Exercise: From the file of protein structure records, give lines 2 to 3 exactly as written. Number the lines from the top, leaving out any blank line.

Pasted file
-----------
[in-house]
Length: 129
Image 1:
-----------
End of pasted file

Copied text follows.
Length: 129
Image 1: